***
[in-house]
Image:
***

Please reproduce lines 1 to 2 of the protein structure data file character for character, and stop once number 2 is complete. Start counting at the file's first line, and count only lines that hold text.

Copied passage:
[in-house]
Image: